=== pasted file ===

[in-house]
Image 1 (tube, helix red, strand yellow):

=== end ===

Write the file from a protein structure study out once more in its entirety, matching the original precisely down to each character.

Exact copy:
[in-house]
Image 1 (tube, helix red, strand yellow):